2) Even if you are the one defending yourself, you still aren’t allowed to use “excessive force.” In other words, if you are the one defending yourself with potentially lethal force, would a reasonable person be in fear of their life in that situation? For example, if you get in a schoolyard scuffle where a few punches are thrown on both sides and you pull out a knife and stab the kid you’re fighting with, claiming it’s okay because of “self-defense” isn’t going to fly. Similarly, if someone kicked the side of your car and yelled, “F*** you!” you couldn’t make a case that you were defending yourself if you ran over them. If a mob surrounds your car, screams threats, and tries to get in, you may be able to make a case that you had no choice other than to gun it even though you ran over one of your attackers. (Jennifer Watson, who was the driver of the car in this video, was surrounded by a mob that attacked her car, threatened her, and cracked her windshield. She was found innocent of assault, but did get a misdemeanor reckless driving charge.)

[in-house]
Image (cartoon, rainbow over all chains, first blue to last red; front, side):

3) Although not every state requires someone who is being attacked to try to withdraw from the situation, it is certainly going to help your case if you can say you were trying to get away but were unable to do so. If you and I get in a fight, you run from me and I chase you down to beat you to death, there is no way I can claim that I was only “defending myself.”
So, let’s take a very quick look at the three famous cases listed in the title, two of which have not made their way all the way through the court system as of yet.